KUALA LUMPUR (Reuters) - Malaysian state oil and gas firm Petronas expects investment of $20 billion in its west Canada liquefied natural gas (LNG) export project that aims to meet growing demand in Asia, a senior company official said on Tuesday.
The project, known as Pacific NorthWest LNG, will build two LNG trains of 6 million tons per year (tpy) each by the end of 2018 or 2019, Arif Mahmood, vice president of corporate planning at Petronas told an industry conference.
The $20 billion investment cost includes about $5 billion for a pipeline project to be built by TransCanada Corp (TRP.TO) to supply gas to the two LNG trains, Mahmood said.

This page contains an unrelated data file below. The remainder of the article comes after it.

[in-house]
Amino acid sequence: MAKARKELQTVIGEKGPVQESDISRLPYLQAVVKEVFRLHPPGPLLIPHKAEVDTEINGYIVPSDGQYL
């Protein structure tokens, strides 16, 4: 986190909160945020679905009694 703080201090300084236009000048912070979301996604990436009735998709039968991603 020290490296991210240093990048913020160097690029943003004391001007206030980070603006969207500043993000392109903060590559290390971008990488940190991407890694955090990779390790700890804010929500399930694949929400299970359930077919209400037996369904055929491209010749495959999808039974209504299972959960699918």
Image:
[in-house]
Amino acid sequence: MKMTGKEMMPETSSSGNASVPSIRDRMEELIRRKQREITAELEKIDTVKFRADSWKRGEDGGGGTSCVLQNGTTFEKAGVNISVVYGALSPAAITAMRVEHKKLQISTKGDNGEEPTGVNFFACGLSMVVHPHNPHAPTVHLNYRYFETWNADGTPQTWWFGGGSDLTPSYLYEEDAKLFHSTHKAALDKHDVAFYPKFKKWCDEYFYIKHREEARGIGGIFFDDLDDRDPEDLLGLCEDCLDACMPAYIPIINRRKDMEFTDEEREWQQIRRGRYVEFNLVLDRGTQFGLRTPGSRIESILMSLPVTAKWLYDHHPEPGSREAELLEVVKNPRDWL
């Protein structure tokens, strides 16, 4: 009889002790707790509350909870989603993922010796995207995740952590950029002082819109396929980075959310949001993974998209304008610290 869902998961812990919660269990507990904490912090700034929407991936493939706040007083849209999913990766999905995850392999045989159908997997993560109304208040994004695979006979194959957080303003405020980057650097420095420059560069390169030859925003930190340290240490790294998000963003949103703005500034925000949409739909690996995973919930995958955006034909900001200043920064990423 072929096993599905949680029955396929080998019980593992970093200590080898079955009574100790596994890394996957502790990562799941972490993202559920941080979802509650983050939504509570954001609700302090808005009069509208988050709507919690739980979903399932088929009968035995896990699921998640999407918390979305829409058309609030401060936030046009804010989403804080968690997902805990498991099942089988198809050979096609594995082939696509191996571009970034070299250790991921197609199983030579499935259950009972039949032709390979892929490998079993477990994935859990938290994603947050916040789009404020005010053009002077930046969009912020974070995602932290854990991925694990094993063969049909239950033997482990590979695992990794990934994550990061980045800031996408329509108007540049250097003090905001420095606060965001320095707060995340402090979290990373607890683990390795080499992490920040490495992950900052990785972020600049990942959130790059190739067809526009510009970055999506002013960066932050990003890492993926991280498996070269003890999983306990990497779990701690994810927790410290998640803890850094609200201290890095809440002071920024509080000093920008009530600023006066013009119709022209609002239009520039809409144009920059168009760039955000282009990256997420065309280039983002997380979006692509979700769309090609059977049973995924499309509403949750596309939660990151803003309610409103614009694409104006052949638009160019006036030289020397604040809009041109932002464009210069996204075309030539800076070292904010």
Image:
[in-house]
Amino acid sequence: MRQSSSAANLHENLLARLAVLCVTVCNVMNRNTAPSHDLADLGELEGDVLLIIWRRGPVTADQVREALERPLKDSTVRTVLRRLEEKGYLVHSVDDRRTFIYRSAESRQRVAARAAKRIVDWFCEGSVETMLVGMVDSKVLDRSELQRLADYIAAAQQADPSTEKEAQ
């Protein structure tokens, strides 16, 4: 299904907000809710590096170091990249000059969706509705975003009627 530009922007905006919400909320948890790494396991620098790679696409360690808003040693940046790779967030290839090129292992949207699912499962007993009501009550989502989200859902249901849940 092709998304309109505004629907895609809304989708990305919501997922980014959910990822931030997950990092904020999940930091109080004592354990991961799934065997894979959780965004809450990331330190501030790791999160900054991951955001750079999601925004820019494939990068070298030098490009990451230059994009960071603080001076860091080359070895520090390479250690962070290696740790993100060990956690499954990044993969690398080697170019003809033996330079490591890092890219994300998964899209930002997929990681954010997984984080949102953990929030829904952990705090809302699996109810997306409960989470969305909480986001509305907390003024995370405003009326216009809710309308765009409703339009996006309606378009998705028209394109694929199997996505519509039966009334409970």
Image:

"There is space to build a third train and capacity could go up to 18 million tpy," he said, referring to potential expansion at the site.
Petronas bought its joint venture partner Progress Energy Resources Corp last year in a high-profile deal that had been initially blocked by the Canadian government.
The Malaysian company secured its first LNG buyer for the project after selling a 10 percent stake to Japan Petroleum Exploration Co (1662.T).
Petronas is in talks with more buyers to sell stakes in the project.
"What we're looking for is actually potential partners where they will also be offtakers of the gas," Mahmood said, adding that Petronas will own at least 50 percent of the project.
In Malaysia, Petronas plans to make a final investment decision on its second floating LNG project later this year, he said. The 1.5 million tpy FLNG project will be at the Rotan Field in deepwater Block H offshore Sabah and could start production in 2016, he said.
The company's first 1.2 mtpy FLNG project at Kanowit field, 180km offshore Bintulu, is expected to be completed in 2015.
Reporting by Florence Tan; Editing By Tom Hogue and Muralikumar Anantharaman